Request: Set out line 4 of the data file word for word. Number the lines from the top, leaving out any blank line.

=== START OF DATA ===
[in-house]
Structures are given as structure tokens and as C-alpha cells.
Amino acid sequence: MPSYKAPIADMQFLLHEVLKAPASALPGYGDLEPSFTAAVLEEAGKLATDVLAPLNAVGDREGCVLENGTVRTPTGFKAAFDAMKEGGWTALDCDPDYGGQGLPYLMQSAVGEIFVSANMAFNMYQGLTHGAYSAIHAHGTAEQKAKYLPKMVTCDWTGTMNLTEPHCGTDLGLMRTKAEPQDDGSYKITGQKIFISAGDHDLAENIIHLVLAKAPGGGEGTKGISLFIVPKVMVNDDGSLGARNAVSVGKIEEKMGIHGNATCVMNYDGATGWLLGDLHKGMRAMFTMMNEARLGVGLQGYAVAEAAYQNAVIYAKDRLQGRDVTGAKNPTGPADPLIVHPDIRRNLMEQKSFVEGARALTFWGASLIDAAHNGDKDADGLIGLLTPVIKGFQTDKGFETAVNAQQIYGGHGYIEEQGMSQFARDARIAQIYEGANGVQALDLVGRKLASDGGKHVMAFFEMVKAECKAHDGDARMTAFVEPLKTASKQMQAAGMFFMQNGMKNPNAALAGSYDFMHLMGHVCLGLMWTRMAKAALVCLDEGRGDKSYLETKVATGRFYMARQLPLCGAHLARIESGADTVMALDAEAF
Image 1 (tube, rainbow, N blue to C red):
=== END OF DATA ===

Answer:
Image 1 (tube, rainbow, N blue to C red):